NetSuite is offering Sage Software customers at least half price off their NetSuite fees for the first year if they switch away from its rival's products.
Sage is just the latest target of similar campaigns by on-demand enterprise resource planning provider NetSuite, which have also focused on Salesforce.com and SAP. The new offer is for users of any Sage products and covers Europe, the US and Asia-Pacific.
NetSuite's offer especially targets companies that were looking at Sage's Live on-demand accounting software. Sage recently halted the Sage Live beta, reportedly to fix security issues.
NetSuite listed some customers in the US and UK who it said have already switched from Sage to NetSuite. But a Sage executive scoffed at the announcement.
"This is not a new tactic," said Himanshu Palsule, executive vice president and general manager of business management at Sage North America. "They've done this before and we haven't seen much traction. It's a sales promo."
NetSuite seems to be targeting much larger customers than Sage, he said. "We are still solid in the SMB space. We still have 5.8 million customers around the world," he said. "Given that, you can imagine there will be a few who switch."
But Sage might gain just as many customers from those have tried a software-as-a-service offering such as NetSuite and found they don't like it, he added.
As for Sage Live, Sage "didn't want to risk [its] brand and legacy by making a mistake in a new market," Palsule said. Once the security problem was found, the company "took the most responsible course of action" by taking down the beta test site, he said.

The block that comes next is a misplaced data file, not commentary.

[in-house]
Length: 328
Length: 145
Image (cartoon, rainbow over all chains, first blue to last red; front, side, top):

Sage customers were definitely the right target for NetSuite, even if not all will be receptive to the discount offer, Forrester Research analyst Ray Wang said.
"In the SMB deals we are [involved] in, there are just as many people who are on-premise as SaaS," he said, adding that this could change over time.
Anthony Miller, managing partner at analyst house TechMarketView, questioned the nature of the move. “It sounds like a sledgehammer to crack a walnut,” he said.
The “one to watch” in the UK's SMB SaaS space was Kashflow, he said, a company that targets small businesses and is reportedly in a spat with Sage after remarks on its own website.
Kashflow publishes on its site price comparisons between it and other rivals, but Sage took it to trading standards authorities, saying the comparisons were "highly selective", the Times newspaper has reported.
Follow highlights from ComputerworldUK on Twitter